The IDF has also
been forced to take action to counter subterranean threats.
Sophisticated seismic and acoustic equipment is employed to detect
Palestinian tunnels, but the extensive system of tunnels, used for
both smuggling and attack, left many tunnels undetected. Most tunnels
began under existing buildings hidden from Israeli observation. Some
led straight to the Egyptian border, and were used for transferring
arms and smuggling of contraband. Others served as access routes to
Israeli fortifications, which could then be destroyed by explosives.
Realizing the potential threat of such tunnels, the IDF attempted to
destroy tunnels by attacking them through ventilation ports with
explosives. At least one such attack was made with a
precision-guided JDAM bomb. To explore and map the tunnels, a new remotely controlled
robotic vehicle is used by IDF combat tunnel warfare teams. The
vehicle is lowered vertically into a tunnel, and moves independently
inside, charting the internal passages, and sending video images back
to the operators.
Rocket and Mortar Attacks
In 2003 and particularly 2004, the IDF repeatedly operated in the Gaza
strip, primarily in pursuit of mortar and rocket launcher teams, and
in search raids seeking to destroy weapons production facilities.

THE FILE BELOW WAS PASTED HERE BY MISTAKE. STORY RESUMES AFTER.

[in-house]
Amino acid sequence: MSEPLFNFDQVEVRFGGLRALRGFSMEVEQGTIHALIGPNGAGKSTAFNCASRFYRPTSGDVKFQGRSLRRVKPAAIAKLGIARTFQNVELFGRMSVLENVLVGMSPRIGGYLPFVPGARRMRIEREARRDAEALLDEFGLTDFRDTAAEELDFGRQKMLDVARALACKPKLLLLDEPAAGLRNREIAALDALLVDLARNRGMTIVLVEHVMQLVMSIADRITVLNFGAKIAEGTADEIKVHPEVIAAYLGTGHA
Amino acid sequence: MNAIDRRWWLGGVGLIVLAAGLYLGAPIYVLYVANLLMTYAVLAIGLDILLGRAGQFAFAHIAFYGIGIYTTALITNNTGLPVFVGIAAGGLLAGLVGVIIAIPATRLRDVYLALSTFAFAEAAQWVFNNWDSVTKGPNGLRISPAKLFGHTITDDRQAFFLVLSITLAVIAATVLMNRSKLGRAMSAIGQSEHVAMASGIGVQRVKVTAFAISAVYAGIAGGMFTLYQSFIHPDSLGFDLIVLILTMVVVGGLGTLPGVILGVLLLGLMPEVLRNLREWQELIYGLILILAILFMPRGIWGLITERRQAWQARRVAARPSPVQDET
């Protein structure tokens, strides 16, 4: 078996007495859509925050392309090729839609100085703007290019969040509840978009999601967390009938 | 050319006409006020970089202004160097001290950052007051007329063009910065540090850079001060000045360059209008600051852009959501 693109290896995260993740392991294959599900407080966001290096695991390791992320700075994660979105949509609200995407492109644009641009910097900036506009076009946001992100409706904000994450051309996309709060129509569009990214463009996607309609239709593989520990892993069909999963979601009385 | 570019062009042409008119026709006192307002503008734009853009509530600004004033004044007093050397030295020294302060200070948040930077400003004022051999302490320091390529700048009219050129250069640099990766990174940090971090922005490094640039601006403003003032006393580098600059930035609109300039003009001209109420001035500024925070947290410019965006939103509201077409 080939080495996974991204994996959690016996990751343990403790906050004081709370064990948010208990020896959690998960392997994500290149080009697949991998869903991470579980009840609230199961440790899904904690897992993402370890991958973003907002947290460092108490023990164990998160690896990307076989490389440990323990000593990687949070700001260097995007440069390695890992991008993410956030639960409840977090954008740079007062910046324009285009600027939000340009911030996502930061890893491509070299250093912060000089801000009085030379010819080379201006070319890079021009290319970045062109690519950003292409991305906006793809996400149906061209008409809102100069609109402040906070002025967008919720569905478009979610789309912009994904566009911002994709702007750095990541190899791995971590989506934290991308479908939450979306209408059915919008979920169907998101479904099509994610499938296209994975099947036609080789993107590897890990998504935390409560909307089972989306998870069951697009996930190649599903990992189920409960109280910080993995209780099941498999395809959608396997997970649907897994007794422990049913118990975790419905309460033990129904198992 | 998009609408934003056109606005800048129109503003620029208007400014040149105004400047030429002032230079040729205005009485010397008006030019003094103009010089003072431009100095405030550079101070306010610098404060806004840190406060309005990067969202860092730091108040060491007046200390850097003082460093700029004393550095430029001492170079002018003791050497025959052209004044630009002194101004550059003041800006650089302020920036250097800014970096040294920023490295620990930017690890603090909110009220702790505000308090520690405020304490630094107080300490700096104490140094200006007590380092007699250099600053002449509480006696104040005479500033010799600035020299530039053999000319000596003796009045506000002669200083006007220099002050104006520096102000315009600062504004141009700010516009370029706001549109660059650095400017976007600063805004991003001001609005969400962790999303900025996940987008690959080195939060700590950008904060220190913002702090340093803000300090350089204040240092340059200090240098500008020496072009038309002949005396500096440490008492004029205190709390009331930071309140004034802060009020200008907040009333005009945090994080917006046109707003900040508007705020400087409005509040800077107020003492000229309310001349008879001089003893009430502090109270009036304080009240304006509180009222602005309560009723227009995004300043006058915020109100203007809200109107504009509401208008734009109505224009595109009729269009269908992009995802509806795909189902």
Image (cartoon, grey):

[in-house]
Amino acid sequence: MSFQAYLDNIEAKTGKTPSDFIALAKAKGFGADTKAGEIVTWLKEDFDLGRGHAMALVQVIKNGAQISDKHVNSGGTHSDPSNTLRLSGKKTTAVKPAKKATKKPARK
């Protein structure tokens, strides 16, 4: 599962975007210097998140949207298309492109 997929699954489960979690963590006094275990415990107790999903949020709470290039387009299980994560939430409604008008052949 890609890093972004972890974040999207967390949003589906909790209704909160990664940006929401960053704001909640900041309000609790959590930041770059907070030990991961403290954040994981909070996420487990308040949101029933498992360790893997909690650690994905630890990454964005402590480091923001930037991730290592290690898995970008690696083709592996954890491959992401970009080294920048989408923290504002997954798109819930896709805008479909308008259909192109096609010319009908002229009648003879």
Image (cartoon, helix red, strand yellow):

While many raids proved successful, Rocket Artillery and mortar (RAM) attacks continued and even
intensified, culminating in October 2004 in Operation Yemei Teshuva
(Days of Atonement) when the IDF launched a massive two-week action to
stop RAM attacks. The significance of this operation was in its method
Extending the Brigades
The Givati brigade was given total responsibility for the operation,
with direct command and control of all assets assigned to the
operation. Many forces had already received advanced communications
equipment, including remote video terminals, and hand held terminals,
which enabled helicopter pilots and gunners, and commanders of lead
infantry units to view real-time pictures as seen from UAVs and remote
observation platforms. Tight integration with ISA operatives enabled
rapid dissemination of intelligence information, at all levels,
followed by immediate implementation of operational activities.
Tactics were also refined. Improved integration between armor,
infantry and airborne forces enabled better coordinated activities,
taking advantage of the dense urban area to achieve initial surprise,
confuse the enemy and dominate the area for an extended period,
without risk to the civilian population. Key to such operations was
the brigade's reconnaissance company, which was strengthened to
battalion size and trained to execute rapid maneuvers deep inside the
refugee camps' narrow streets.
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